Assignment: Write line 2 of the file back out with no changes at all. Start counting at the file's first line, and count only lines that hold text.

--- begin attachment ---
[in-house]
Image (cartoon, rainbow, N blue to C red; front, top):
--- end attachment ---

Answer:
Image (cartoon, rainbow, N blue to C red; front, top):